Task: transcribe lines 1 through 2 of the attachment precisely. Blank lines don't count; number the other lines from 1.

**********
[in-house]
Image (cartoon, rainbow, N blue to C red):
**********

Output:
[in-house]
Image (cartoon, rainbow, N blue to C red):